Leading cinematographer and debutant director Ravi K Chandran, who also straddles the South and Hindi film industries, and has recently shot Ileana for the Pond’s commercial (“stunning—lovely skin, nice smile, gorgeous eyes”), understands her fears. “She’s a very big star in the South, especially in the Telugu industry. Every hero, every director wants to work with her.”

It was a big risk—that’s paid off, she thinks, despite the flop (Phata Poster Nikla Hero, 2013) and semi-hit (Main Tera Hero, April 2014) that have followed. “As much as I loved working in the South, I got into a very comfortable zone. I needed the change.” Happy Ending, scheduled for a November 2014 release, has her playing an author alongside Saif Ali Khan, Govinda, Ranvir Shorey and Kalki Koechlin.

She says that, although she loves her work, it is not her life. “Most of them make it their life and an obsession,” she says about fellow actors, “but for me, while I love it, it’s great, it’s exciting, I can do without it. The minute you get too attached, it is going to bring you down.”

It’s no wonder that she has such a healthy equation with this capricious career. Her father is famous for having told a reporter that he would rather have her home, living a normal life, instead of working 18 stressful hours a day; early in her career, her mother yelled at a director who kept Ileana hungry all day and then marched her off the set.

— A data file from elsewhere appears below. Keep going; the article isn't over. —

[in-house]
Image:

The  Women's Health  cover story.

The Women's Health cover story.

At Home

“I’m a real homebody,” Ileana declares. Unusually, she has no household help, and cooks, cleans and runs her home all by herself. “I like the fact that people tell me I am crazy in the industry. For me, this is just a way of staying grounded.”

She’d be a couch potato if she could, watching cooking shows on TV all day. She’s always experimenting with food, and bakes a lot, desserts, donuts and pizzas (all of which she sends to her sister). While she likes sketching, her true love is singing (her Twitter profile says she’s a “professional bathroom singer”), which she would pursue was she not “terrified of rejection”.

I ask her about her relationship (she’s said to be dating Australian Andrew Kneebone). “I’ve never been really open about it. I just feel it is really unfair to my partner, because he becomes part of the media, which can be too offensive and aggressive.” When the time is right, she’ll tell the world. For now, “As long as my family knows, that’s all that matters.”


An edited version of this interview was the cover story of Women's Health in October 2014.

Interview: Tabu by Tara Kaushal